Bristol-Myers Squibb & Vedanta Biosciences ink collaboration deal

  • The collaboration would evaluate select drugs from both companies in combination with each other.
  • In conjunction with the collaboration, Bristol-Myers would also make an equity investment in Vedanta.

Bristol-Myers Squibb, a renowned American pharmaceutical company, has reportedly announced that it has signed a clinical collaboration deal with clinical-stage firm Vedanta Biosciences.

Reports cite, the two companies would be evaluating Bristol-Myers’ programmed death-1 or the PD-1 immune checkpoint inhibitor known as Opdivo with Vedanta’s VE800, which is a rationally-defined human-bacterial consortium, in individuals suffering from metastatic or advanced cancer.

According to a press release by Vedanta Biosciences, in an array of preclinical cancer models, even the ones resistant and sensitive to checkpoint inhibition, Vedanta’s VE800 apparently induced CD8+ T cells, magnified the immune system’s response to tumor cells and also considerably amplified the anti-PD-1 therapy effects. Moreover, these models also support clinical research to determine whether modulating the patient’s microbiome along with VE800 possesses the potential to widen the efficacy of the checkpoint inhibitors.

Meanwhile, Bristol-Myers reportedly stated that it intends to make a sizable equity investment in Vedanta in conjunction to the latest clinical collaboration deal, subject to completion of the due diligence, both parties’ negotiation of the definitive agreement as well as a receipt by Bristol-Myers of all the requisite approvals.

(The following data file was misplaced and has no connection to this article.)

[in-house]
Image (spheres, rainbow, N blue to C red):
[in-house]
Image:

The Professor of Medicine at NYU Langone Health and the Deputy Director of Laura and Isaac Perlmutter Cancer Center, Jeffrey Weber, M.D., Ph.D., stated that checkpoint inhibitors, especially the PD-1 antibodies have proven to be a major advancement in the treatment of cancer however, a sizable portion of the patients either respond briefly or do not respond to the new therapies at all. Dr. Weber further added that gut microbiome alteration could play a vital role in intensifying checkpoint inhibitors’ effectiveness, and with better understanding could also be utilized to select patients that would greatly benefit from the immunotherapies.

According to reports, the financial information related to the matter has not been publicly unveiled yet.